The impersonation that put McKinnon — the first out lesbian cast member on SNL — on the map hits every button when it comes to the talk show host’s mannerisms, vocal inflections, and dance acumen. The only thing that could make these sketches even more accurate (and plugged into gay discourse) would be to needle Ellen for routinely giving money to adorable white gay teens.
The cream of the crop
Paula Pell has talked about how Orman would come up to her after Wiig’s sketches aired and rave about how accurate they were. The financial-advice guru made famous by Oprah was parodied six times by a note-perfect Wiig from 2008 to 2010, with special attention paid to her halting. Speech. Pattern. As well as her affinity for severe gay haircuts and expressive jackets.
These two sketches don’t fit elsewhere in the rubric, but pretty much demand acknowledgment in any discussion of SNL’s history of gay-themed comedy. And not for great reasons!
Variations of “It’s Pat” were performed seven times between 1991 and 1993. The sketch featured the great Julia Sweeney (most recently seen playing mom to SNL’s Aidy Bryant on Shrill) playing an ambiguously gendered, deeply amiable character named Pat. While the comedy came from the confusion and discomfort of those around Pat rather than anything overtly cruel, it’s still undeniable that none of this would fly today, and with good reason. Starting with the “It” in “It’s Pat,” these sketches were emblematic of the way the culture treats gender ambiguity and nonconformity — at arm’s length and with heavy suspicion. Pat is an artifact of a bygone era, at least in mainstream comedy, and it’s not like we find dinosaur fossils particularly funny either.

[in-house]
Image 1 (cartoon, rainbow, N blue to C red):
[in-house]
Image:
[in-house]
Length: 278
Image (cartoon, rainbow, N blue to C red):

This Cheri Oteri sketch premiered in September 1995, during a period of major overhaul in the cast and crew (Oteri debuted that year, along with, among others, Will Ferrell, Darrell Hammond, and Colin Quinn, and writers Adam McKay, Paula Pell, and Steve Higgins). And while the Ferrell/McKay era is remembered for hits like the Spartan cheerleaders, there was a lot of experimental strangeness (see: Goat Boy), and Mickey the Dyke rode that ragged edge. She was a character who could have just as easily been conceived by homophobes or by confrontational alt queers. The joke is that this exceedingly butch lesbian named Mickey the Dyke is agonizing over whether to come out. You could see that being funny when delivered in the company of knowing familiars in, say, a drag club. In mixed company, all that straight laughter from the audience sounds mighty suspect. Astoundingly, this character recurred five times.
Genuine queer sensibility